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Kafka-ish: Kafka @Finborough

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In offering proof that Kafka is everything to everyone - writer-performer Jack Klaff plays various roles, including the man himself in what is a part tour, part immersion and part legend of Franz Kafka. He is a writer who achieved fame after his life was cut short due to succumbing to tuberculosis at the age of forty. He is probably better known for his reputation and the Kafkaesque style attributed to his writing than his life. But after this piece, you’re left curious to learn more about the man and his works. And that has to be the best theatrical tribute you could give a writer, even for a writer who stipulated that his works be destroyed upon his death. It’s currently playing at the Finborough Theatre . Franz Kafka was born in Prague in 1883. In 1901, he was admitted to a university and began studying law. While studying, he met Max Brod, who would become his best friend and eventual literary executor. Brod would posthumously publish many of his works and writings. Kafka’s life co

Theatre: Backbeat



Backbeat is based upon the film of the same name which is a snapshot of the period when The Beatles were on the edge of stardom. It is also about creativity, artists, relationships and some excellent classic rock and roll music. It is thoughtful and fun, with a talented and good looking cast that can act, sing and play musical instruments and the bar has now been set very high for the jukebox musical.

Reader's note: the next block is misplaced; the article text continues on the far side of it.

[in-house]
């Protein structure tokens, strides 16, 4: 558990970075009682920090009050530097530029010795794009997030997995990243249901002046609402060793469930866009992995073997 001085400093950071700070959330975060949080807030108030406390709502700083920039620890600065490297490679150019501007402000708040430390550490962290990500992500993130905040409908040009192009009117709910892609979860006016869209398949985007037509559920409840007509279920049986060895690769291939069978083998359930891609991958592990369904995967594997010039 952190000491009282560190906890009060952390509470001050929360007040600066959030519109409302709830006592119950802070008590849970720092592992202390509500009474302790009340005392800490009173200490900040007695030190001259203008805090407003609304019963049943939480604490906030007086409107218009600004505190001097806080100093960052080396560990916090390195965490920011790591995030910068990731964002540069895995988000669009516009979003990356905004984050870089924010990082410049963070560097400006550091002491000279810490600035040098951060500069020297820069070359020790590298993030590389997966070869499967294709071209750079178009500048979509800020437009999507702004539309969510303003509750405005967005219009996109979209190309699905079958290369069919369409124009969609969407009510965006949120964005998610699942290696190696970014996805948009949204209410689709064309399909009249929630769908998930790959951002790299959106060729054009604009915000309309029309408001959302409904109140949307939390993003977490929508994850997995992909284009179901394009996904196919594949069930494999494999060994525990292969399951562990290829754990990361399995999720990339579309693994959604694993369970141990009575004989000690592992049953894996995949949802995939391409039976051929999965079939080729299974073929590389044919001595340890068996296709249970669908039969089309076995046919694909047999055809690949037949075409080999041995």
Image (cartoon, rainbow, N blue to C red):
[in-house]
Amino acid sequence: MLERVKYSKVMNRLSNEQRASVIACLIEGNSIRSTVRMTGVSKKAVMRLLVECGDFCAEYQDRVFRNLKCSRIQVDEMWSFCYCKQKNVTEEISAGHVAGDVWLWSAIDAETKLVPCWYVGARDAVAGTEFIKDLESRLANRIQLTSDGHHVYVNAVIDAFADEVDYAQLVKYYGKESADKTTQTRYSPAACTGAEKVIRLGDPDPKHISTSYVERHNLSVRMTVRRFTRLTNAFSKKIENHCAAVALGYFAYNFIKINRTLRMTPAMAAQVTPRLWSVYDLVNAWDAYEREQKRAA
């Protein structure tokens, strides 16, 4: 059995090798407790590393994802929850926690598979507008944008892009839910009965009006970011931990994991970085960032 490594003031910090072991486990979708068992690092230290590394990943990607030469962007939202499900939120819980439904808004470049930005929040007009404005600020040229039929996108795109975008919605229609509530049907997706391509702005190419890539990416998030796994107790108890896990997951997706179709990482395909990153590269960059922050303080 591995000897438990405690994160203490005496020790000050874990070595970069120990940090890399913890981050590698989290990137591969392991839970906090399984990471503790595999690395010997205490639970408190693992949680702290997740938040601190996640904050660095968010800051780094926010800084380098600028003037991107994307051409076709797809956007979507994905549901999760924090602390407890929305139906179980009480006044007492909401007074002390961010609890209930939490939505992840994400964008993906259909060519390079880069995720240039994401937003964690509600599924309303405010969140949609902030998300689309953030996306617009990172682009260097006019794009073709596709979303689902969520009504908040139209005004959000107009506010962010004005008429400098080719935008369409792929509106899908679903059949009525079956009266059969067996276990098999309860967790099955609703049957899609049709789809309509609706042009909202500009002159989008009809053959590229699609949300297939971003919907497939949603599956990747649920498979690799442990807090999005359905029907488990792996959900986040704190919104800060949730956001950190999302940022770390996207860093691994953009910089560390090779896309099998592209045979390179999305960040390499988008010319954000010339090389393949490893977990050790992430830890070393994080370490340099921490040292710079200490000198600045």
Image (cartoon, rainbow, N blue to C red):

Set during the period when the Beatles were in Hamburg, the focus of the play is really the triangular relationship between Stuart Sutcliffe, the band's original bass guitarist, German photographer Astrid Kirchherr whom he fell in love with, and his best friend John Lennon. It was through this relationship that the Beatles developed some of their signature looks and where some classic photos from their early days originated and the focus of the story is from Kircherr's point of view.

It follows the film closely but as a theatrical piece it feels much freer in being able to express the flavour and sentiments of the time. Through moving sets, projections and music, the story moves briskly and explores the process of creativity, art and the sacrifices individual makes for a group.

It isn't all contemplative, there are bare buttocks and blow jobs on stage as the boys find out all that Hamburg in the 1960s has to offer. And there also is the excellent rock and roll music that was the backbone of what the Beatles were all about at this point in their career.

While the entire cast are excellent, key to the show is Nick Blood's performance as Stuart Sutcliffe and Ruta Gedmintas as Kirchherr. They ooze cool and believability.

The full story of the Beatles is a tale still to be told, but in the meantime this is an excellent night out. You don't have to like the Beatles to appreciate it. And in case anyone was feeling a tad unsure about the message, there is dancing in the aisles at the end through a Mamma-Mia-like encore. You will be twisting and shouting all the way home, but unlike other shows you will remember the play for longer.

It is playing at the Duke of York's Theatre. Go see it...

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